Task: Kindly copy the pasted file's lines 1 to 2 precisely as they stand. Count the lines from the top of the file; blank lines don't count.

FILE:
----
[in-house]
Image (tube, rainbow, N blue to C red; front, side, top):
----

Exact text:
[in-house]
Image (tube, rainbow, N blue to C red; front, side, top):